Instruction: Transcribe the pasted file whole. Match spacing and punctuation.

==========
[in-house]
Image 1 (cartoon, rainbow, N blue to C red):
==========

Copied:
[in-house]
Image 1 (cartoon, rainbow, N blue to C red):